USGS Volcano Hazards Program Volcano Update

AVO update page and observatory web site

The eruption of Mount Veniaminof volcano which began on June 13 continues. Satellite images showed intense elevated surface temperatures consistent with lava effusion at the cinder cone inside the caldera throughout the week. Seismic tremor continued throughout the week. On June 18, small, short lived ash bursts rising to less than 15,000 ft were seen in clear images from the FAA web camera in Perryville. On June 19, residents in Sandy River reported seeing ash bursts from the volcano rising to 10,000-15,000 ASL and blowing to the northeast. The volcano was obscured by weather in web camera images for the rest of the week and it is possible that ash bursts continue and are undetected. Refer to the NWS Alaska Aviation Weather Unit ( for updates on SIGMETs related to ash emissions.

Recent satellite images continue to show intense elevated surface temperatures at the cinder cone inside the caldera and seismic tremor continues. The seismic network at Veniaminof is not fully functional compared to that operating during the last eruption (2005), so the accuracy with which we can interpret ongoing seismicity is diminished.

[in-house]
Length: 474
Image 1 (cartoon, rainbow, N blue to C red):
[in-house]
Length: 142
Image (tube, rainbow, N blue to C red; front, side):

Technical problems temporarily disabled the real-time seismic data feeds from Veniaminof on Wednesday, June 19, and were resolved within a few hours, restoring the data stream.

Recent eruptions of Veniaminof volcano have all occurred from vents located on the cinder cone inside the caldera and were characterized by brief bursts of ash emission and small explosions. Ash plumes associated with this type of activity are typically diffuse and generally do not reach more than 20,000 feet above sea level. Ash fallout is typically limited to the flanks of the volcano. Minor emissions of steam and ash may persist for for weeks to months. The current lava flow is expected to remain within the confines of the caldera. There is a possibility that activity at the volcano could increase with little to no warning.

Mount Veniaminof volcano is an andesitic stratovolcano with an ice-filled 10-km diameter summit caldera located on the Alaska Peninsula, 775 km (480 mi) southwest of Anchorage and 35 km (22 mi) north of Perryville. Veniaminof is one of the largest (~ 300 km3) and most active volcanic centers in the Aleutian Arc and has erupted at least 13 times in the past 200 years. Recent significant eruptions of the volcano occurred in 1993-95 and 2005. Both were moderate Strombolian eruptions producing intermittent low-level jets of incandescent lava fragments, and low-level emissions of steam and ash from the main intracaldera cone. During the 1993-95 activity, a small lava flow was extruded into the summit caldera ice field producing an ice pit. Minor ash-producing explosions occurred in 2002, 2004, early 2005, November 2006, and February 2008. Previous historical eruptions have produced ash plumes that reached 6,000 m (20,000 ft) above sea level and ash fallout that blanketed areas within about 40 km (25 mi) of the volcano.

Update in Common Alerting Protocol (CAP) format